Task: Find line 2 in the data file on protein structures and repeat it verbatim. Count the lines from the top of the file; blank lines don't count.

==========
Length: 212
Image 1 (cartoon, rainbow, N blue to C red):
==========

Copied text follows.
Image 1 (cartoon, rainbow, N blue to C red):